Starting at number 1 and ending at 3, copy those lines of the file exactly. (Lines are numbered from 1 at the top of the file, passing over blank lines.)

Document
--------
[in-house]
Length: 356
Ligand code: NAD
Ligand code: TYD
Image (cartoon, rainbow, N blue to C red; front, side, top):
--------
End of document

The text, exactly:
[in-house]
Length: 356
Ligand code: NAD